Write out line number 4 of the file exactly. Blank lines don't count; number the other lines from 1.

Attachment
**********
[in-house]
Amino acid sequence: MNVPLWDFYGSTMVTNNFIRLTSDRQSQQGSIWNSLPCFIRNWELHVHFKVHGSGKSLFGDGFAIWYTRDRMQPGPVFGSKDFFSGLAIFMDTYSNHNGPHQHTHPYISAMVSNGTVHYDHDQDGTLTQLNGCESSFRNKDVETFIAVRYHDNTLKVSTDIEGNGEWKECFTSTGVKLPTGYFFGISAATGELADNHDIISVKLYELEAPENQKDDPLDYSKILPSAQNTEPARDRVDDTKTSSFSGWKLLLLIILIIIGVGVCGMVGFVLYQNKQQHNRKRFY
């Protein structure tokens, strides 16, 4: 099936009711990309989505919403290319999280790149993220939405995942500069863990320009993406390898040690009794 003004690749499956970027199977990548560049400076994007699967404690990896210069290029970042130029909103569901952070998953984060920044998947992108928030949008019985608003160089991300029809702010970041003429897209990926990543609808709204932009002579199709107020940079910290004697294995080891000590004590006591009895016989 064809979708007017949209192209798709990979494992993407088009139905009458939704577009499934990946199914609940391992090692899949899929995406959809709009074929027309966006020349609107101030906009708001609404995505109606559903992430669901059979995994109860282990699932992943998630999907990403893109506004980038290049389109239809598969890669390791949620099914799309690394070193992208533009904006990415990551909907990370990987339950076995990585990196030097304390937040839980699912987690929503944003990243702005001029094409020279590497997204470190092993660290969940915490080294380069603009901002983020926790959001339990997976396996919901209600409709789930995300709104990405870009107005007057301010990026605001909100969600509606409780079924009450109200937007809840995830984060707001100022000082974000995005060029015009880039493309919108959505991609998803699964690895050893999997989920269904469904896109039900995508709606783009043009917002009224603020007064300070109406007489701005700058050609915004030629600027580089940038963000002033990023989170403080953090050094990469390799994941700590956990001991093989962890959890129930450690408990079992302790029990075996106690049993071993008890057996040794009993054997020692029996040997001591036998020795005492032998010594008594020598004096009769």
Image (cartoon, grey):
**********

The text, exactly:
Image (cartoon, grey):